3. Kidney symptoms: if the supplying arteries of the kidneys are affected then there is chance of high blood pressure even complete shut down of renal functions (renal failure)
4. Symptoms of peripheral artery disease: Symptoms may also arise if the supplying arteries to the limbs are also affected by atherosclerosis. In these cases numbness to pain may occur during walking in the legs (intermittent claudication). Sometimes poor blood supply to arteries of limbs may lead to gangrene, decreased sensitivity to heat and cold and hence increased tendency of injury etc.
5. Symptoms may also arise if the supplying arteries to the genitals area affected. Erectile dysfunction is one of the most common presenting symptoms.
Atherosclerosis in the long run may lead to number of complications like coronary artery diseases like angina, heart failure and heart attack (myocardial infarction), cerebrovascular accidents like brain strokes, peripheral artery diseases and aneurysm. Aneurysm is characterized by abnormal balloon like swelling of the wall of the affected artery (usually large arteries like aorta are affected) and if it bursts it may kill the patient due huge blood loss.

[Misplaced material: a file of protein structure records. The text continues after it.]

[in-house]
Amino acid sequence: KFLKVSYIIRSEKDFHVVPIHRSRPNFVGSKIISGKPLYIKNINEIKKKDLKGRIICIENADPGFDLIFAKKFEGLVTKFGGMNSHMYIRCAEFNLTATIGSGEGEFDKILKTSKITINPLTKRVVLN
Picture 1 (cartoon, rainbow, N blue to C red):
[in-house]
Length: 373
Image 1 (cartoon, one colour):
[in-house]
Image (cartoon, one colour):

The exact underlying cause of this slowly progressive health condition is not known however several factors which contribute to atherosclerosis are already been identified. Damage to the internal wall of the arteries is one of the important contributors. This usually occurs in patients of high blood pressure, abnormal lipid metabolism (high cholesterol level), diabetes, smoking, suffering from other inflammatory diseases like arthritis, lupus etc.
Number of cells like white blood cells and other substances tend to form clump at the damaged site on the inner wall of the artery. With time other substances like lipids also contribute in the clump (plaque) formation making the otherwise flexible arterial wall stiff. Next when the part of the atherosclerotic plaque breaks off and enters the general blood circulation (thrombus) clotting at that site may further narrow the already narrow lumen of the artery. The dislodged thrombus may also get lodged at a different site (embolus) leading to narrowing of that artery.
Risk factors
Common risk factors include family history of atherosclerosis, high blood pressure, diabetes, smoking, leading sedentary life, lack of exercise, excessive body weight (obesity) etc.
Despite all the complications mentioned above the good news is that atherosclerosis is both preventable and curable. Treatment options are
1. Life style pattern changes like regular exercise, quitting smoking, eating healthy diet, moderate drinking etc
2. Drugs like
        a. LDL, the bad cholesterol lowering drugs like statins, drugs which boost HDL, the good cholesterol production like fibrates etc
        b. Antiplatelet drugs like low dose aspirin, clopidogrel etc
        c. Beta blockers
        d. ACE inhibitors like captopril etc
        e. Calcium channel blockers
        f. Diuretics like furosemide
        g. Thrombolytic therapy by administering alteplase, reteplase in heart attack etc
3. Surgical interventions like angioplasty and stent placement, coronary bypass surgery, endarterectomy etc.